There’s More To The Story Of A Polar Bear Playing With Canadian Eskimo Dog

A giant polar bear was captured on film petting a dog on the shores of Hudson Bay in northern Canada over the weekend. The bear gently pats the dog on the head and was filmed by a resident in the town of Churchill.

It’s a fascinating encounter, and the video has since gone viral, but there is more to this unusual encounter than meets the eye.

The article below was first published by in January 2012 and further details the history of eskimo dogs and polar bears of Churchill.

In 1992 a wildlife photographer Norbert Rosing, who did work for National Geographic and other magazines, was visiting Churchill, Manitoba in Canada and went to see a sled dog kennel owned by breeder Brian Ladoon.

While visiting, a large male polar bear appeared out of nowhere and approached one of the dogs. The dog stayed put and wagged its tail, and the bear and dog began gently touching each others noses and began to play. The two men were shocked. Rosing took out his camera and captured the encounter.

A second polar bear then also appeared and also joined in the play with the dog. For the next week the bears came back and played with the dogs. Then they vanished. Rosing thought that the encounter demonstrated very unusual behavior, given that dogs and bears are natural enemies. It was a one in a million encounter to witness.

Flash forward to present day and it appears that Brian Ladoon has capitalized on the encounter for many years. According to some tourists and scientists, Ladoon owns a large piece of property that he keeps fenced in. He charges people a fee to take them on his property to see polar bears, where he also has his Canadian Eskimo dogs.

He allegedly leaves excessive food out for the dogs, which in turn attracts the hungry polar bears.

Recently, Ladoon and his dogs were the subject of a documentary film called “The Last Dogs of Winter”. The documentary reveals that Ladoon is on a mission to preserve and breed the rarest registered breed in the world, the Canadian Eskimo Dogs (aka ‘Inuit Dogs’ or ‘Qimmiq’). According to the film’s director, “His efforts have inspired both admiration and fierce criticism, largely because Ladoon’s dogs share their pitiless natural environment with itinerant wild polar bears, and his practices are seen by some to be inhumane.”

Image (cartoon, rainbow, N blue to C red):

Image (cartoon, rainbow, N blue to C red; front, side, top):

The director also points out, “The interface between people, animals, and nature is always a tricky balance in Churchill. Ladoon’s choice of location for his dog colony has created great problems for him, and an opportunity that has excited both envy and disapproval. The dogs share a barren point of land overlooking Hudson Bay that happens to be very popular with migrating polar bears. This has made Ladoon a target for complaints from locals and tourism operators who believe he has unfair access to a valuable tourism site; from wildlife purists who decry the habituation of polar bears to humans; and animal rights proponents, who claim he is exploiting both dogs and bears, and endangering both for profit.”

Ladoon is certainly a polarizing controversial figure to say the least. It is truly fascinating to realize that the chance encounter between a polar bear and dog over 20 years ago has strongly affected the destiny of the dogs, people and polar bears living in this remote region of Hudson Bay.

Below is an interview/trailer about “The Last Dogs of Winter”.

Ladoon passed away in August of 2018. As controversial as he may have been, he is credited with saving the Canadian Eskimo dog from extinction.

Upon learning of Ladoon’s passing, photographer Norbert Rosing wrote on Facebook (translated from Norwegian):

Brian Ladon, (65) died of a short, severe illness in the past. He loved his Canadian Eskimo dogs that he was growing since the 1970 s. He saved this dog from extinction. He also loved the outdoor life in his home, Churchill, Manitoba on the coast of Hudson Bay. Brian was famous by the pictures and numerous films that were photographed and filmed by national and international film at his dog place over polar bears. I also owe Brian from the 1990 s and 2000 s my best polar bear pictures. We became good friends. I’ll never forget him. May he always feel the Nordic Wind and the auroras above his grave.”

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